What began as a gift of friendship between Poland and the United States more than 90 years ago is now a gift to researchers and genealogists around the world.
To mark the 150th anniversary of American independence, the Polish government, civic groups and business leaders joined forces in 1926 and decided to present the United States with an extraordinary memento: a declaration of friendship, gratitude and esteem signed by 5.5 million Polish well-wishers.
“Noble Americans, your national holiday is not for you alone,” asserts the Polish Declaration. “It finds a warm reverberation over the whole world, and especially in our Motherland, Poland.”
Today, those signatures — about one-sixth of the entire Polish population at that time — are digitized and available online thanks to the U.S. Library of Congress, with assistance from the Embassy of the Republic of Poland and the Polish Library in Washington.
The online Emblem of Good Will also lists the hometowns of those Polish citizens and their schools and contains original Polish artwork, photographs and official seals.
The information is a boon to genealogists, scholars and researchers around the world, particularly those interested in Poland before World War II.
“In some instances,” Grazyna Zebrowska, president of the Polish Library in Washington, said, “the signatures found in the Polish Declaration may be the only tangible reminder that a person even lived.”
More than 6 million Polish citizens were killed during World War II and the Holocaust.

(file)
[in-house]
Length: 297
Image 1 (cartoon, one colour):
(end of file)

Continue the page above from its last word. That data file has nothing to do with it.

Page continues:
Also destroyed in the war were Poland’s historical treasures, archives, manuscripts and museums.
Zebrowska said she hopes that making the document available online inspires scholars “to reclaim their lost history and to bring to collective memory, not only the tragedy of World War II, but the optimism of the years preceding it.”
Long history of friendship
Celebrating the United States’ independence on July 4 in 1926 came quite easily to the Poles. Just eight years before, at the end of World War I, American President Woodrow Wilson unveiled his 14-point plan for world peace, which included an independent Poland.
“Poland and the United States are united by an unbreakable friendship and alliance,” Zebrowska said, “and documents such as the Polish Declaration serve as a reminder that our current friendship has long roots grounded in mutual admiration.”
Vital allies today
The U.S.-Poland alliance remains strong, as evidenced by the United States deploying thousands of soldiers to Poland earlier this year as part of a NATO military exercise.
Also, President Trump will travel to Poland in advance of the July 7–8 meeting of the world’s 20 largest economies, to be held in Hamburg, Germany.
The visit to Poland “will reaffirm America’s steadfast commitment to one of our closest European allies and emphasize the Administration’s priority of strengthening NATO’s collective defense,” the White House said in a statement.
Poland recently received a supply of liquefied natural gas from the United States, the first such shipment to Central Europe, to bolster energy security in the region.